Grant Featherston (1922-1995) was born in Geelong Victoria becoming a self-taught designer by his early twenties. He took a position designing lighting and glass panels in Melbourne before joining the army and serving in WWII from 1940-1944.
Deeply affected by the war, on his return Featherstone developed his design philosophy ” the quality of the human experience should be the central concern of all design” which became evident in his design from that point forward. Featherstone described his furniture as designed for function and production rather than for glamour or historic appeal sitting well with Bauhaus philosophies and modernist movement.
- 1947 Launch the Relaxation Chair made from woven webbing over a wooden frame the emphasis on comfort and support
- 1947 Featherstones article in Home Beautiful Magazine explains the difference between good and bad design made for function and production rather than glamour or historical appeal. He becomes a cultural spokesman promoting modern design in Australia.
- 1949 Featherstone furnishes the “home of tomorrow” at the Modern Home Exhibition in Melbourne – his work critically acclaimed and popular with the public.
- Purchases Collingwood Factory -to experiment with materials, design, structure, upholstery and manufacturing techniques
- 1950 – Featherstone Aims to create a chair with minimal use of materials that would be cost effective to be mass produced …
The Contour Range
Development of The Contour Chair
Featherstone wanted to make a chair that would be “a ‘negative’ of the human body ” to create comfort and natural support. He famously used a folded tram ticket to develop the method to join two pieces of plywood. He developed this concept further creating a method of molding two pieces of ply together to form a simple compound curved shell, that would form the framework for his iconic Contour Chair range.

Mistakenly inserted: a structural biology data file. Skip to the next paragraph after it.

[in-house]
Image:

The contour chair was a triumph in both its aesthetic appeal, with form fitting, thinly upholstered back and seat, simple support structure and fine tapered legs; but also in its unique approach to manufacture. His efficient manufacturing techniques allowed consumers a choice and flexibility of style. The chair could be customized for different heights as well as fabric colours and different function including:
- Watching TV
- Rocking chairs
- Card Playing
“The Contour Chair became a touchstone of Australia’s growing cultural sophistication”
Time Line Cont…
- 1951 Grant Featherstone successfully patents his joinery and molded plywood technique
- 1952 – manufacture handed over to Emerson Brothers so Featherstone can concentrate of further development.
- 1956 Featherston Contract Interiors showroom opened featuring his chairs and a range of tables, cabinets, buffets and desks
- 1957 Grant became a consultant to Aristoc Industries for 13 years.
Grant Featherstone has received many Good Design Awards and has collections his work at both National and State galleries and museums.
“Mid Century Modern- Australian Furniture Design” Publication National Gallery of Victoria